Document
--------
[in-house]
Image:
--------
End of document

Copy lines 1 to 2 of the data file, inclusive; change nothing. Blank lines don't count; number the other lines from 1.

[in-house]
Image: